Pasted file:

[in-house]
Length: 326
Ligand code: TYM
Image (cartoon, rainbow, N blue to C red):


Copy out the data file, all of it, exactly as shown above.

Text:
[in-house]
Length: 326
Ligand code: TYM
Image (cartoon, rainbow, N blue to C red):